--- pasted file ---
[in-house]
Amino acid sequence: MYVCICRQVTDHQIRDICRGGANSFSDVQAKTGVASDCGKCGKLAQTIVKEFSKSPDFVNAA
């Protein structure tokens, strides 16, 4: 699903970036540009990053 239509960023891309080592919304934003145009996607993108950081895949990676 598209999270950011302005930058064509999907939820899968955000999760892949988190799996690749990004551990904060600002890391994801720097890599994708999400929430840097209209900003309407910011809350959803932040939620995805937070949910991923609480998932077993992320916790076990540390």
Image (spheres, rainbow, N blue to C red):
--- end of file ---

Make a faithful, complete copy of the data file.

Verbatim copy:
[in-house]
Amino acid sequence: MYVCICRQVTDHQIRDICRGGANSFSDVQAKTGVASDCGKCGKLAQTIVKEFSKSPDFVNAA
């Protein structure tokens, strides 16, 4: 699903970036540009990053 239509960023891309080592919304934003145009996607993108950081895949990676 598209999270950011302005930058064509999907939820899968955000999760892949988190799996690749990004551990904060600002890391994801720097890599994708999400929430840097209209900003309407910011809350959803932040939620995805937070949910991923609480998932077993992320916790076990540390």
Image (spheres, rainbow, N blue to C red):